Indian Prime Minister Narendra Modi, who came to power in 2014, has stopped Compassion International from passing funds to its partners in the country, alleging that the organization is illegally trying to convert people to Christianity through its work over the last 48 years. Fueled by a deep suspicion of Christian organizations threatening India’s character as a Hindu nation, the Indian government has ordered that “prior clearance” would be required before funds could be transferred to Compassion’s partners, Christianity Today reports. Compassion says that after months of unsuccessfully trying to obtain this clearance, the organization has concluded it is “fiction” and that it has not been offered an explanation for the action, which was issued in February 2016. To learn more about Compassion International and child sponsorship opportunities, click here.
Lutheran World Relief has issued its 2017 Early Warning Forecast, which provides an overview of “global hot spots” that will command the attention and resources of the international community over the next year, a news release reports. Topping this year’s list is the refugee crisis fueled by armed conflict in Syria and Iraq, among others the organization is actively monitoring. LWR is already responding to many of these issues to help mitigate the worst effects of a crisis, develop disaster response plans and strengthen community resilience. The list also includes areas in which LWR sees signs of hope, including peace in Columbia and economic growth in the ‘Two Africas.’
Former Catholic Charities Diocese of Cleveland employee Michelle Medrick has been charged with bank fraud, stealing $2 million from the organization. According to the Associated Press, Medrick has agreed to plead guilty to the crime, which prosecutors say began in 2008. Authorities also say the money was stolen from a Catholic Charities facility called Parmadale in Cuyahoga Country that provides foster care and adoption services as well as residences for children with behavioral problems.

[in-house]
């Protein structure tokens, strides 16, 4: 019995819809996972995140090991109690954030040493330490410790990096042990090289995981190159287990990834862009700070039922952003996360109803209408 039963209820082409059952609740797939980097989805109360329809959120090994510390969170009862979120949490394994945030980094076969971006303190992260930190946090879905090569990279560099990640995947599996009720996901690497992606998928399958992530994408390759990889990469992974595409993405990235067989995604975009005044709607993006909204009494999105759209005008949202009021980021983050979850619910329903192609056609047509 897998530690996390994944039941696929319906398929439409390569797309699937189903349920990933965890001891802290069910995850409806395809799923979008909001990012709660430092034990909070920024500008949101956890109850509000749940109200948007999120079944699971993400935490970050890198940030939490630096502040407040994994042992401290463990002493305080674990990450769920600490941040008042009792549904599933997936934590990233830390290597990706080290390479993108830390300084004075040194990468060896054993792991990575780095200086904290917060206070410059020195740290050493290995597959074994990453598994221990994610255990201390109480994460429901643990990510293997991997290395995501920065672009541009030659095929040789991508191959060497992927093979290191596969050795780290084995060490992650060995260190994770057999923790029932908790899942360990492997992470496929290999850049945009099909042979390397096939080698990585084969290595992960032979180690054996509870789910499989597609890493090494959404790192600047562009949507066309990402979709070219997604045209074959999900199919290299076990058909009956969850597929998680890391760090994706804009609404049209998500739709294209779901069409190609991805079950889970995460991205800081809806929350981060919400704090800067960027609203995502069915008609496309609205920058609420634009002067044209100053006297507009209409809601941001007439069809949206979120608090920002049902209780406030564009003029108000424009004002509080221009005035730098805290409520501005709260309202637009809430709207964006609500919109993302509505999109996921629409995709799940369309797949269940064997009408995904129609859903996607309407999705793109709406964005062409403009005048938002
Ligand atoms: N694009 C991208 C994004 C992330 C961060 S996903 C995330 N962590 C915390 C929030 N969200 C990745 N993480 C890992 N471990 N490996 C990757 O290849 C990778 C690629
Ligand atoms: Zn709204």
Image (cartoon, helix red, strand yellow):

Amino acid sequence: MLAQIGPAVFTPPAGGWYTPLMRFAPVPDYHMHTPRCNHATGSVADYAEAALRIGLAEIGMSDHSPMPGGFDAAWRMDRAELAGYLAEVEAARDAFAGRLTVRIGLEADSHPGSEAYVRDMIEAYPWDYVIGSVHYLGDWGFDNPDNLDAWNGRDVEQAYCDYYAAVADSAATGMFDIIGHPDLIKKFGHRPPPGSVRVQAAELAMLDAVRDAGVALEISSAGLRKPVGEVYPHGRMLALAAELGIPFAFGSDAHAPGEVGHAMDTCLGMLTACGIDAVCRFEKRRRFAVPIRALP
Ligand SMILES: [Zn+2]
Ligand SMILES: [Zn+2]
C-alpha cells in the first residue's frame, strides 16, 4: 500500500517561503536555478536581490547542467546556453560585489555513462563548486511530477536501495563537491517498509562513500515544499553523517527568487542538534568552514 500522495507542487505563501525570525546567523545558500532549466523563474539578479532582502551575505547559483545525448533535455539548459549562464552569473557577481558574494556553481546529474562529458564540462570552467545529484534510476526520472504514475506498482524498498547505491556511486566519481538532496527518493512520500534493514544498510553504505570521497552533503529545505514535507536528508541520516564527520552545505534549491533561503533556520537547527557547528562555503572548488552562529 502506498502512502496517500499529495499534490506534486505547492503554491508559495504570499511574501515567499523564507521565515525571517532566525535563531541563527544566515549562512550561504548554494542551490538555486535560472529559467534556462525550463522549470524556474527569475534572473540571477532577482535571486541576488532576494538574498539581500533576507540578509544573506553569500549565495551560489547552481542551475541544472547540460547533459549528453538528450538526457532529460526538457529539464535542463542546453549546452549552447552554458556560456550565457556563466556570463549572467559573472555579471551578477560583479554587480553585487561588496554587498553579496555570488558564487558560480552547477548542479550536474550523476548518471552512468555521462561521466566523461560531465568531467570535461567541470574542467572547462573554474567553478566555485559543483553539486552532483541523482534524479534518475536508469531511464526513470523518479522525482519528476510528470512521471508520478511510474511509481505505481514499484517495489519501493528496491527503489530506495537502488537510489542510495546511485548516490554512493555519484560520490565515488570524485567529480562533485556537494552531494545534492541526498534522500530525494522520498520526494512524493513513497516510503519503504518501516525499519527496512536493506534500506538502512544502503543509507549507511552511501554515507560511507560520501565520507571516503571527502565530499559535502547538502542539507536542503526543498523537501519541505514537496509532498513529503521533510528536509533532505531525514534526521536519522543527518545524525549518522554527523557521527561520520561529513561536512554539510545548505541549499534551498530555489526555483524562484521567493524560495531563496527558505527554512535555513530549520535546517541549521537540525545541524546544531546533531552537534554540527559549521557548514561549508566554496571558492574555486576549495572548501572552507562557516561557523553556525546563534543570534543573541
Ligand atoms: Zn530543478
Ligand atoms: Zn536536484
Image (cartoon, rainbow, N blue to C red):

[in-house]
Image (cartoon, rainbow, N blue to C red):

The Nonprofit Times reports that political controversy associated with the White House Office of Faith-Based and Neighborhood Partnerships has died down under President Obama’s leadership. Established by President George W. Bush, the program is now led by Melissa Rogers, a First Amendment lawyer and director of the Center for Religion and Public Affairs and Wake Forest University Divinity School. She took over from Joshua DuBois in March 2013. The office’s original goal was to level the playing field for religious groups to compete for federal funding as long as they respect the separation of church and state and don’t use the money to proselytize. The organizations must meet certain standards to receive funding. According to Rev. Dr. C. Welton Gaddy, who served on a task force for President Obama to bring the office more in line with the Constitution and was critical of Bush’s faith initiative, Rogers is doing a great job in her role keeping church and state separate, noting it “doesn’t seem to be as political” as during Bush’s tenure.